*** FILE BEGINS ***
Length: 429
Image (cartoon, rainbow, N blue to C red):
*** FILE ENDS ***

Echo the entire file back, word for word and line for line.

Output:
Length: 429
Image (cartoon, rainbow, N blue to C red):